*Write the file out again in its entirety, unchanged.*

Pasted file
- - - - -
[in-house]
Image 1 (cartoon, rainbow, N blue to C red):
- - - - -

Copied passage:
[in-house]
Image 1 (cartoon, rainbow, N blue to C red):